Finding the Mona Lisa’s background on a road trip into the heart of Italian culture

Jul 12, 2018 178


“Even if I set out to make a film about a fillet of sole, it would be about me,” Federico Fellini once said. The Academy Award-winning director of La Dolce Vita(1960) and Amarcord(1973) devoted a great deal of his art to reviving memories from his childhood, which was spent in Rimini, an old Roman town in the southeastern part of Emilia-Romagna (the region has just been designated Best Destination in Europe 2018 by Lonely Planet), on Italy’s Adriatic coast.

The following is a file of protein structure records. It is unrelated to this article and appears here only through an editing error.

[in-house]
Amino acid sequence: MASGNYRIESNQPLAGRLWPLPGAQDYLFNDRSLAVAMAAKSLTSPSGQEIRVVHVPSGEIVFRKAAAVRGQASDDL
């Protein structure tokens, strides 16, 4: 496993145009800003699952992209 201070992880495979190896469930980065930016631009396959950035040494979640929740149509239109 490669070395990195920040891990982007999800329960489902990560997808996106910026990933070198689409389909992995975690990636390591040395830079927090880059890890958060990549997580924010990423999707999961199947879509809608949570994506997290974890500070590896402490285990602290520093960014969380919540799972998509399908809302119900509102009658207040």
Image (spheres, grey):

La Marecchiese, a 50km stretch of bitumen more formally known as the SP258, heads inland from Rimini and doubles as a concentrated thread of Italy’s very essence: its art and culture; its food and wine; its landscape and poetry. We’re embarking on a two-day trip along La Marecchiese – with a detour or two – through ancient villages in which steep alleyways lead to castles perched on rocky hills that look down into the verdant Valmarecchia and Montefeltro valleys: a landscape so affecting, a recent study has found, Leonardo da Vinci used it as the backdrop to his most famous masterpiece.

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